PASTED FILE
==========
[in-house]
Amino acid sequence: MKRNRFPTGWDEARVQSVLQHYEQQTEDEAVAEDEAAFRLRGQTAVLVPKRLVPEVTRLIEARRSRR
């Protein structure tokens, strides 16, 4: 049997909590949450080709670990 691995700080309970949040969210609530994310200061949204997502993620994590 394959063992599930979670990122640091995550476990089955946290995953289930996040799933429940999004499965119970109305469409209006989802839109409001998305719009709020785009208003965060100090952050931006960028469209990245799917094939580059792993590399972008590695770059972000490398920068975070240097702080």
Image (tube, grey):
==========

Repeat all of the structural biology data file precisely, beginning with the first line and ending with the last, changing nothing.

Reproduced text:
[in-house]
Amino acid sequence: MKRNRFPTGWDEARVQSVLQHYEQQTEDEAVAEDEAAFRLRGQTAVLVPKRLVPEVTRLIEARRSRR
């Protein structure tokens, strides 16, 4: 049997909590949450080709670990 691995700080309970949040969210609530994310200061949204997502993620994590 394959063992599930979670990122640091995550476990089955946290995953289930996040799933429940999004499965119970109305469409209006989802839109409001998305719009709020785009208003965060100090952050931006960028469209990245799917094939580059792993590399972008590695770059972000490398920068975070240097702080």
Image (tube, grey):